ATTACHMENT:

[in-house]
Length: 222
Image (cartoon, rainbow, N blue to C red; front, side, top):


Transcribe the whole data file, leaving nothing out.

[in-house]
Length: 222
Image (cartoon, rainbow, N blue to C red; front, side, top):